John discussed the two largest pieces of legislation that have effected education policy: George Bush’s No Child Left Behind and Barrack Obama’s Race to the Top. He explains exactly what NCLB was, how it was structured, and the aims of the act. It is quite a parallel to Obama’s Race to the Top, which he also discusses, but with one very distinct difference: NCLB measured school districts as a representative entity of its students based on their test scores, and Obama’s “Race” has given school districts and principals to fire teachers based solely on their students’ test scores. He talks about how policy makers and district officials are looking for a instantaneous miracles overnight, which we all know is impossible. Yet people keep trying to “fix” education and see immediate results. If not, you’re a bad teacher.

Perhaps the greatest miracle of all would be America recognizing that saving our educational system would be a long-term, big-budget project similar to the way we tend to look at things like wars

Like with John, classroom management was thrown around A LOT in my own teacher-training courses, most notably in my middle school field block. The topic of classroom management was grazed, but never discussed. Just that “it is all about your classroom management.” Your kids need to have routine and know your classroom management style. If you have classroom management, your kids won’t act up because they know what you expect. (I have three younger  brothers who not only push the envelope of my mother’s expectations, but tear it wide open, and have also done that in their classes, a most obvious observation that whoever says this is not truly in touch with the youth of today.) Like John, I’m still confused about classroom management. What exactly does it mean? How do you do it? Where’s the Teacher’s Instructional Manual to Classroom Management? Why isn’t there a rule book for this? Why does something Coach Jones uses in his classroom not work for Ms. Smith’s students?

The nuts and bolts of classroom management and instruction are essential to a teacher’s success, yet from what I could see, the people in teacher training and licensing haven’t’ gotten that message. 

No, indeed they haven’t. This is the number one issue for first-year teachers, because this is an area where teachers are left to their own devices…and often the reason those who had difficult first years leave the teaching field.

The Latinate Institute was “[F]ounded on the noble mission of helping kids who otherwise wouldn’t go to college,” and its primary responsibility was to “improve student achievement.”  Obviously you can see how that worked out, and how much we are failing our students. Owens left his first year teaching not quite half-way through the spring semester to go back into the publishing world because of the lack of support from his principal, and all of the corrupt and inane things he was required to do and ultimately blamed for. The principal and assistant principal were removed from Latinate at the beginning of the following school year by New York Department of Education officials. Owens also shares where his fellow teachers and some of his students ended up as the conclusion of this book. It is quite telling.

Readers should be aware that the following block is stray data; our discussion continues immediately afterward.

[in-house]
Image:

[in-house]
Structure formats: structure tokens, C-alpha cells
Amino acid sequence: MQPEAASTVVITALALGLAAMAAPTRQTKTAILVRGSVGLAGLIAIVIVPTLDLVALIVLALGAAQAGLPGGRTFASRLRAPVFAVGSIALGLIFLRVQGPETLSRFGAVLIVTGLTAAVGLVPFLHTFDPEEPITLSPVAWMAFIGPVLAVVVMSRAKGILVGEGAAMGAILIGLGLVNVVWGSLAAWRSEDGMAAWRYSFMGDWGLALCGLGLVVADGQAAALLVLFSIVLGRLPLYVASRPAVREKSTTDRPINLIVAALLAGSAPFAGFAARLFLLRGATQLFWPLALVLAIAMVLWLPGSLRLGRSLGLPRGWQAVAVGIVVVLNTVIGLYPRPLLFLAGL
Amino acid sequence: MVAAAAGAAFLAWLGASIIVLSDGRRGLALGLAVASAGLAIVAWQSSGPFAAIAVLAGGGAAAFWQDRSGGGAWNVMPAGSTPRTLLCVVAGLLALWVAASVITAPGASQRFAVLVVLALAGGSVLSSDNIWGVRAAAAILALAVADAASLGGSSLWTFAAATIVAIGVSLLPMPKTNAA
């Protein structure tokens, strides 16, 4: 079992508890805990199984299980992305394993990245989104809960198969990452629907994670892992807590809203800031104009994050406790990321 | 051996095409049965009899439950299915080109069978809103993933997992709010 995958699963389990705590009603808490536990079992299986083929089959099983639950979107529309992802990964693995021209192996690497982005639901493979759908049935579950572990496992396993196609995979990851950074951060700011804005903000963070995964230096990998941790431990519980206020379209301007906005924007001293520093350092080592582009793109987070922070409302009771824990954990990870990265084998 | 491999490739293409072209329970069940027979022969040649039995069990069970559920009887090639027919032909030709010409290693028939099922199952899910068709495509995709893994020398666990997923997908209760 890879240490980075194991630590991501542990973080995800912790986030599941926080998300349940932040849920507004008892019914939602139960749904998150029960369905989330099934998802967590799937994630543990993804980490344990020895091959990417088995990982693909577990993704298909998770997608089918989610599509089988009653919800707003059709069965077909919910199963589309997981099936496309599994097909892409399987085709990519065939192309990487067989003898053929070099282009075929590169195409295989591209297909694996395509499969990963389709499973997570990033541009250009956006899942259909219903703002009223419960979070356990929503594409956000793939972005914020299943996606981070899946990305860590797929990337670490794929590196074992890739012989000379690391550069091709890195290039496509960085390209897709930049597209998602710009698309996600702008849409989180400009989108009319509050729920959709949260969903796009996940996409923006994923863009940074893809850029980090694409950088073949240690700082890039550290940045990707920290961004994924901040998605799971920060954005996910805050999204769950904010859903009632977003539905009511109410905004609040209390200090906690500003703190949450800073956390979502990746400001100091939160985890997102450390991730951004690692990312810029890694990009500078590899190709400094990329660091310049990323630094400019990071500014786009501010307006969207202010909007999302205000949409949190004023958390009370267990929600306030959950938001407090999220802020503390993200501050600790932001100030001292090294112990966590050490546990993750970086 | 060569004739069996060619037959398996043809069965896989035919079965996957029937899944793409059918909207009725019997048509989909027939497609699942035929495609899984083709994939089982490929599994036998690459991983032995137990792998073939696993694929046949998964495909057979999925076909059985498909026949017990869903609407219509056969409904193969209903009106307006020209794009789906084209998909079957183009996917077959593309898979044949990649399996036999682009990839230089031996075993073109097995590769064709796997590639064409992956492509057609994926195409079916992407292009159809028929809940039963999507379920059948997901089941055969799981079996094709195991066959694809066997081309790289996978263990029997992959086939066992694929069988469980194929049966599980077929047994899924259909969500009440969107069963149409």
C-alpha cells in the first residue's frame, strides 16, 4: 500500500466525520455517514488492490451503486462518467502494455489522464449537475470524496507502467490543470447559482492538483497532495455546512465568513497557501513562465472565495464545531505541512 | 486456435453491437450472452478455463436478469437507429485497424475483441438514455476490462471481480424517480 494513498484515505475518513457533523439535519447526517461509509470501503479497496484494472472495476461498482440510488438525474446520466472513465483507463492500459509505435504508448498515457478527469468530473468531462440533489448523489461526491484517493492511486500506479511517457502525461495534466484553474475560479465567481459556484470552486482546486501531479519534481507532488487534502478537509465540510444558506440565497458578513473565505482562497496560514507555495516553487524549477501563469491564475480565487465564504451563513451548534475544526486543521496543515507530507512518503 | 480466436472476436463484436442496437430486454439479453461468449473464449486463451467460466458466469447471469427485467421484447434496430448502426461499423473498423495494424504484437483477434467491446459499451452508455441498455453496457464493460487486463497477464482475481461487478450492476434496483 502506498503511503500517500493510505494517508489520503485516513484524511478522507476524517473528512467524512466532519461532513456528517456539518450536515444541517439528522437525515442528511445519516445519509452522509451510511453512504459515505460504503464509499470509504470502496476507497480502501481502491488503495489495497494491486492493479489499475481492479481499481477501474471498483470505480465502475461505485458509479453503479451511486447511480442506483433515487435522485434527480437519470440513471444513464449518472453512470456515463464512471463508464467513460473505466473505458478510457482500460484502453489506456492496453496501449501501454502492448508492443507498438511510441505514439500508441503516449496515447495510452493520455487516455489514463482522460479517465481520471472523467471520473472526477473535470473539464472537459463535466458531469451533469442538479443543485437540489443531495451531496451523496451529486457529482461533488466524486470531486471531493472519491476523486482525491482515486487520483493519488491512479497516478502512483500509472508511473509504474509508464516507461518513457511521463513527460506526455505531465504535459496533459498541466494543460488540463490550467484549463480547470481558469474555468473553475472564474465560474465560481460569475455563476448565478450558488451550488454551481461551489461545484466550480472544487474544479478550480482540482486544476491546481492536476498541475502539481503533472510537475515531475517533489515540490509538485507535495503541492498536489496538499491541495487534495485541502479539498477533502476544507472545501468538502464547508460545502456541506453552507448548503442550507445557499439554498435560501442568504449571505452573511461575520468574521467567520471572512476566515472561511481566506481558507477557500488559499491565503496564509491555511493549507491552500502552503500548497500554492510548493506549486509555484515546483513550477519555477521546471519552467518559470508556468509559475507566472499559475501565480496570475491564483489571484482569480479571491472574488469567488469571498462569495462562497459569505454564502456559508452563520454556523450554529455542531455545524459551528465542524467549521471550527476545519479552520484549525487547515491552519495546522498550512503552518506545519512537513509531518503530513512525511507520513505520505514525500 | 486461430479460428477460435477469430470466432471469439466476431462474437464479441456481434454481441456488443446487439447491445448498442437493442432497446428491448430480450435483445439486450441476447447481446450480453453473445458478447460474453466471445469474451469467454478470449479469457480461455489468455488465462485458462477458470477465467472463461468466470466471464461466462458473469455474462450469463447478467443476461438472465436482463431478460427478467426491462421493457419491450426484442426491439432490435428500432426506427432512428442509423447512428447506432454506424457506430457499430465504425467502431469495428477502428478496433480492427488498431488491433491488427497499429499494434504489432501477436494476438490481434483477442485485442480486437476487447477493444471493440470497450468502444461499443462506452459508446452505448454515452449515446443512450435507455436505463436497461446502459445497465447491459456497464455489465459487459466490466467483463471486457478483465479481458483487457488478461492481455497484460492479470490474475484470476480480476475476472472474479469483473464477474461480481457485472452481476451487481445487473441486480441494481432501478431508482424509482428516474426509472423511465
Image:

Owens gives 10 recommendations to start work on fixing our blatantly broken education system. But those recommendations, which are quite thought-out and excellent, are not going to go anywhere without a national conversation and push for a better education for the children of America.

If you want to help in some way, or want to find out exactly what’s going on in classrooms, Owens lists a few solid groups or individuals who have it figured out that you can partner up with to help, or just become more informed :

*Author’s Note: As a recent graduate, I’ve accepted my first teaching post in a Central Texas school district located in an area that has exploded over the last 10 years and is no longer considered rural as of this year. Based on things I experienced during my field blocks and student teaching, and the experiences John Owens had in his reform school described in this book, it’s a very real fear that I could be fired when my students’ test scores come in next summer. Indeed, both of the same grade-level, subject-level teachers I and my partner replaced were new teachers and are no longer with the district, and most of the teachers in my department from the 2012-2013 school year have left my campus and the district entirely. The fact that my district provides a first-year teacher mentoring program does nothing to ease my jitters of first-year teaching. If you are a veteran teacher, I would love to hear from you about your classroom management and all manner of other things! Email me at